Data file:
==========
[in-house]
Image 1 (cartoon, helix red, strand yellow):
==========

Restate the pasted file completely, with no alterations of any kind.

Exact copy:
[in-house]
Image 1 (cartoon, helix red, strand yellow):